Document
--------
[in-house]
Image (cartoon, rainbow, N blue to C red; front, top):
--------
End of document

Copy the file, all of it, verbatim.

[in-house]
Image (cartoon, rainbow, N blue to C red; front, top):